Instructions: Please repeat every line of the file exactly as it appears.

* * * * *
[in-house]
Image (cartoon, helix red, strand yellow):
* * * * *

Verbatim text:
[in-house]
Image (cartoon, helix red, strand yellow):